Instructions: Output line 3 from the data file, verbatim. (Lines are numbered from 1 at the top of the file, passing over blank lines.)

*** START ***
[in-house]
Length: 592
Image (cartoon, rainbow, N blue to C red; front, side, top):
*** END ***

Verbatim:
Image (cartoon, rainbow, N blue to C red; front, side, top):